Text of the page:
Still not quite the '80s dream team, this issue is by Jim Shooter (plot), David Michelinie (script) and Mike Zeck (pencils). The villain this issue is Dr. Octopus (who wants to steal Captain America's shield), but the best part of the story is the human interest angle. Ray Coulson, a former soldier Cap met during the war, writes Cap c/o Avengers Mansion asking for help with his son. Jon has robbed the till of his father's motorcycle shop (Ray was a courier during the war and went on to open a garage after returning home) and has joined a motorcycle gang called The Huns.

Cap goes to their place but must prove himself (by taking the full force of twin Harley Davidsons pulling him in opposite directions) before the Huns will allow him to talk to Jon. As the contest proceeds, Doc Ock (who has been following Cap all issue) breaks in, and Cap wins the contest before fighting Octopus. On the ropes, Doc Ock offers the gang members $1000 apiece to help him but, because Cap passed their test, they refuse. Cap delivers Ray's message to his son, then leaves.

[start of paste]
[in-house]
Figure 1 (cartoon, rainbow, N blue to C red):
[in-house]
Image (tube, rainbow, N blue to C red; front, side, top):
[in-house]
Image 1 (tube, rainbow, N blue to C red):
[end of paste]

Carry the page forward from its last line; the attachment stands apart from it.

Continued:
A few days later, Jon shows up and presents a motorcycle he built from scratch himself to Cap as a gift. this is the motorcycle Cap would ride for years to come.

Good issue.

This was a great story. I believe that the Coulsons would appear again as Cap really started his motorcycle phase here!

But seeing Doctor Octopus outside a Spider-Man story was mind-boggling! Yes, I know other Spider-Foes battled other heroes (Electro, Sandman, Kraven as examples) but Doc Ock? It's almost like Otto is cheating on Spidey!

What do you consider the first appearance of Machinesmith, Jeff? Do you count Starr Saxon?

For the uninitiated, Starr Saxon is the guy who became Machinesmith; he started out as human supervillain but for reasons I have forgotten (probably death), he uploaded his brain to a computer. And now he can move from computer to computer freely, which I assume is due to the Internet, which didn't exist when Machinesmith came into existence. I don't recall if he had this ability before the Internet, but I bet he did, because comics. At any rate, he is effectively immortal, but doesn't have a body (except the robots he builds for himself).